Since choosing to adopt a dog from the SF/SPCA five years ago, I have become a fan of both pet adoption and mix-breed mutts. Growing up, my mother owned several pure bred Dobermans that she bought from breeders and we had one litter of puppies ourselves. My understanding of "pound puppies" was that they were mostly strays and feral animals only appropriate for farms and large country properties where they could roam and forage for their food. They certainly were not meant to be “pets” for households. This period was the 1970s and now I find that my perception was common because the laws reflected the same attitude. It was legal at this time to “destroy an animal like a piece of furniture” as Richard Avanzino so aptly puts it.
Richard Avanzino is the former director of the San Francisco SPCA. In 1979 he found himself spearheading the start of the no-kill movement all because of an adorable dog-called Sido.
Sido’s owner committed suicide and left instructions in her will that Sido be destroyed at the veterinarian, because she was afraid no one would show the proper care for her sweet girl. Sido a small mix dog, was ten years old at the time, with an engaging personality. When the executor of her deceased owner’s will tried to force the issue of having Sido put down, the SF/SPCA and Avanzino said they would fight with all their might.
Soon reporters then lawmakers in Sacramento discovered that Sido deserved another chance.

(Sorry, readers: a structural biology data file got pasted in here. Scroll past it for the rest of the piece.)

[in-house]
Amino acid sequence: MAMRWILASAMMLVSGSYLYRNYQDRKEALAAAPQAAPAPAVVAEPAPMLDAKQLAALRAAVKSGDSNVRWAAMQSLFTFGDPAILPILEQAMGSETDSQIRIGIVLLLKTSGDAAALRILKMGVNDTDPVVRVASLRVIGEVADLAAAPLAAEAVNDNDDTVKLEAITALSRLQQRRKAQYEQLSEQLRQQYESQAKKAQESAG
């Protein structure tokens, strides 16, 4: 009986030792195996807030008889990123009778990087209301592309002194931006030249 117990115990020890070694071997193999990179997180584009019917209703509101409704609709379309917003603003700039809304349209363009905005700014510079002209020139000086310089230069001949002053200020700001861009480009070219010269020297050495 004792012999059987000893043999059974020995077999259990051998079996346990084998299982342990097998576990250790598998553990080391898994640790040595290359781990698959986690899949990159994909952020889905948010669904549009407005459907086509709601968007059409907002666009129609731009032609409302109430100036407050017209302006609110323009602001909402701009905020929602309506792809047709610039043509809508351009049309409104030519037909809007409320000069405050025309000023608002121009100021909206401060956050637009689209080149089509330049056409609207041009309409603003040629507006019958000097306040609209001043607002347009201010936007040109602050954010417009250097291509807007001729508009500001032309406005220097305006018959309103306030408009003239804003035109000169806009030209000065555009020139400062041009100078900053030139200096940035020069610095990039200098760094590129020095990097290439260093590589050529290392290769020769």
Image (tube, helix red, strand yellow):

"State Sen. Marz Garcia (R-Menlo Park) wrote a bill, passed by the legislature and signed into law by Gov. Jerry Brown, which overturned the portion of Murphy's will calling for Sido's death.
The very next day, San Francisco Superior Court Judge Jay Pfotenhauer ruled that the right to dispose of property after death does not extend to killing a living creature."
Avanzino is no longer with the SF/SPCA but he runs an Alameda-based charity called Maddie’s Fund whose goal is to make America a no-kill nation by 2015. Across our country there are communities and cities striving to focus on adoption, spay and neuter programs and better medical care rather than using death as a humane method for our homeless pet population.
She Changed our World
Because of Sido and Avanzino, today we have a gorgeous large rescue dog ourselves. I have no doubt if Cleo had been around at the time of Sido, she would have be euthanized. Instead we have had her already for five years and hopefully we have at least five more together. In every way she is "treatable" and worthy of being someone's pet for as long as she is alive.
Given our experience with Cleo and what was her second chance was truly our lucky day, I am forever grateful to Sido and Avanzino.
To learn more -
Saving Sido: How one dog sparked a movement by Christie Keith
No-Kill Conference in Washington DC